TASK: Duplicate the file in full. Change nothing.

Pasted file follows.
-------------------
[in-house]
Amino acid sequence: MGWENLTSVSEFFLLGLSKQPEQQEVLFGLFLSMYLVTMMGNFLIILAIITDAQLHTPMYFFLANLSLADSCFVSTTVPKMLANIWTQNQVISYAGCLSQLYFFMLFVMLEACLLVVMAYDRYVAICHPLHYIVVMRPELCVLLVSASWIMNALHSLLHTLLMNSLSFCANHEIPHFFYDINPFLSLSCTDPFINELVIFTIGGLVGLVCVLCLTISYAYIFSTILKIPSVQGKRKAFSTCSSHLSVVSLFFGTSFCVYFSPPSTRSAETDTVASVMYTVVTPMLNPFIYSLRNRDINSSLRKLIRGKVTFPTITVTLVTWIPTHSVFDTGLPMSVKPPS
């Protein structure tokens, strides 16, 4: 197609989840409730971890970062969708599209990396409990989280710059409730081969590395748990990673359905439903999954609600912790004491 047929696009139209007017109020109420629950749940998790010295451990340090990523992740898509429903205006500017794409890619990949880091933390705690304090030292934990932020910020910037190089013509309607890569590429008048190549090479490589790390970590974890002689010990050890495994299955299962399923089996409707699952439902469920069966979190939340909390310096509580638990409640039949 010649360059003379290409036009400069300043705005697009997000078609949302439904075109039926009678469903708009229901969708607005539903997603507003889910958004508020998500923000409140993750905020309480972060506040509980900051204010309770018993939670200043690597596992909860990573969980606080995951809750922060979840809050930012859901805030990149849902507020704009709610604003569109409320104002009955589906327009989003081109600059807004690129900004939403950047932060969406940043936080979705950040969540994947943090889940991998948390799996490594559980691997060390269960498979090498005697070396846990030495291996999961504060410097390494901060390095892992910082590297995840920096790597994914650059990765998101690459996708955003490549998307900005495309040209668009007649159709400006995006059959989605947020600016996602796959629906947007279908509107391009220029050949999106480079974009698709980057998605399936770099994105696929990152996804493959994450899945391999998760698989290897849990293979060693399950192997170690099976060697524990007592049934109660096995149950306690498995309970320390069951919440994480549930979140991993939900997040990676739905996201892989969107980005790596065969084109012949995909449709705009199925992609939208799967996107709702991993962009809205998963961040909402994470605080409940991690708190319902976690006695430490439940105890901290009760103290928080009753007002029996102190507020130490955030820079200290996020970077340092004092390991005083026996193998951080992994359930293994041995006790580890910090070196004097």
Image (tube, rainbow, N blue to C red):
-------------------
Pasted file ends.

[in-house]
Amino acid sequence: MGWENLTSVSEFFLLGLSKQPEQQEVLFGLFLSMYLVTMMGNFLIILAIITDAQLHTPMYFFLANLSLADSCFVSTTVPKMLANIWTQNQVISYAGCLSQLYFFMLFVMLEACLLVVMAYDRYVAICHPLHYIVVMRPELCVLLVSASWIMNALHSLLHTLLMNSLSFCANHEIPHFFYDINPFLSLSCTDPFINELVIFTIGGLVGLVCVLCLTISYAYIFSTILKIPSVQGKRKAFSTCSSHLSVVSLFFGTSFCVYFSPPSTRSAETDTVASVMYTVVTPMLNPFIYSLRNRDINSSLRKLIRGKVTFPTITVTLVTWIPTHSVFDTGLPMSVKPPS
């Protein structure tokens, strides 16, 4: 197609989840409730971890970062969708599209990396409990989280710059409730081969590395748990990673359905439903999954609600912790004491 047929696009139209007017109020109420629950749940998790010295451990340090990523992740898509429903205006500017794409890619990949880091933390705690304090030292934990932020910020910037190089013509309607890569590429008048190549090479490589790390970590974890002689010990050890495994299955299962399923089996409707699952439902469920069966979190939340909390310096509580638990409640039949 010649360059003379290409036009400069300043705005697009997000078609949302439904075109039926009678469903708009229901969708607005539903997603507003889910958004508020998500923000409140993750905020309480972060506040509980900051204010309770018993939670200043690597596992909860990573969980606080995951809750922060979840809050930012859901805030990149849902507020704009709610604003569109409320104002009955589906327009989003081109600059807004690129900004939403950047932060969406940043936080979705950040969540994947943090889940991998948390799996490594559980691997060390269960498979090498005697070396846990030495291996999961504060410097390494901060390095892992910082590297995840920096790597994914650059990765998101690459996708955003490549998307900005495309040209668009007649159709400006995006059959989605947020600016996602796959629906947007279908509107391009220029050949999106480079974009698709980057998605399936770099994105696929990152996804493959994450899945391999998760698989290897849990293979060693399950192997170690099976060697524990007592049934109660096995149950306690498995309970320390069951919440994480549930979140991993939900997040990676739905996201892989969107980005790596065969084109012949995909449709705009199925992609939208799967996107709702991993962009809205998963961040909402994470605080409940991690708190319902976690006695430490439940105890901290009760103290928080009753007002029996102190507020130490955030820079200290996020970077340092004092390991005083026996193998951080992994359930293994041995006790580890910090070196004097």
Image (tube, rainbow, N blue to C red):